4 US Road Trips to Take Before You Die

Posted by Jimmy Im on July 31, 2013 at 1:56:22 PM EDT | Post a Comment

There's no better way to discover America than by criss-crossing the country via its most iconic highways. Whether you have fast wheels or an RV, these classic routes ensure breathtaking scenery and terrific attractions along the way. Summer is the best time to cruise, so grab your family, friends, or significant other and embark on a journey on wheels through our majestic country with four top itineraries we assembled below.

Pacific Coast Highway: Los Angeles to San Francisco


Distance: 400 miles

A favorite for West Coast road-trippers, day-trippers, and even honeymooners, the Pacific Coast Highway (PCH) runs along the Pacific Ocean from Southern California to Washington, though the Los Angeles to San Francisco stretch is the highlight with charming beach towns and state parks along the way. The cliff-hugging road stretches approximately 400 miles with ocean views dominating most of the drive.

Stop in Malibu for gorgeous beaches and watch surfers take to the waves. A celebrity sighting or two here isn't unlikely. Santa Barbara is a must-stop spot for whale watching and visiting one (or several, depending on your schedule) of the terrific wineries, San Luis Obispo, which critics refer to as the "most California town," is big on small-town charm. Many visitors complain they can't capture the wildly scenic views of Big Sur's natural landscape (chockfull of redwood trees) in their point-and-shoot. For some more natural attractions, Point Lobos State Natural Reserve in Monterey Bay is where many artists visit to get inspired.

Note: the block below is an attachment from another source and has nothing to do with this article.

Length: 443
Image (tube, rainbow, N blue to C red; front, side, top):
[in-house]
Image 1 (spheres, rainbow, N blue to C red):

Road to Hana: Maui, Hawaii


Distance: 68 miles

Visitors don't truly experience Maui without driving its iconic Hana Highway, which snakes along the Northeast coast on wild and thrilling curves, bends, and twists. The tropical seascapes are exotic but it's the number of waterfall pools along the highway that makes the journey truly "Hawaiian." Start in Paia, a former plantation village that's happily overrun by surfer types and highbrow families alike.

Start with a hearty breakfast at Charley's, then stop for a quick plunge at Twin Falls, a waterfall pool that's easily accessible from the road. If you need to stretch your legs, stop at Waikamoi Ridge Trail, a relatively flat nature trail that's no more than a mile loop. Just as rewarding as the drive is the final stop, Hana, a bohemian and "retro" town where locals still walk barefoot and fire up barbecues on the regular. Stay at Travaasa Hana right on the bay for a luxurious, "Old Hawaii" experience.

Blue Ridge Parkway: Virginia to North Carolina


Distance: 470 miles

Road trippers can expect lush forestry and some majestic mountains on the Blue Ridge Parkway, a 470-mile drive connecting Shenandoah National Park in Virginia and the Great Smoky Mountains National Park in North Carolina. While it averages roughly 13-14 hours to drive, plenty of highlights along the way ensure you'll want to take several days to explore the route. Locals call the Blue Ridge Parkway a "window" to the region as several cultural and unique towns are right off the highway.

Visitors stop for a photo opp at the Humpback Rocks in Blue Ridge, VA, a natural rock outcrop that has a storied history. Nearby is the Natural Bridge of Virginia in Rockbridge Country, one of the oldest tourist destinations in the country and constantly voted as one of America's best natural wonders. Stop in Roanoke, the largest metropolitan city along the route, to visit charming farmer's markets.

Several attractions await in Blowing Rock, North Carolina, but a road tripper's favorite is the actual Blowing Rock itself, a cliff looming 4,000 feet above sea level, harboring magnificent views of Hawksbill Mountain and Table Rock. For the mother of all views, stop at Waterrock Knob, which, at just more than 6,000-feet high, showcases breathtaking mountain views.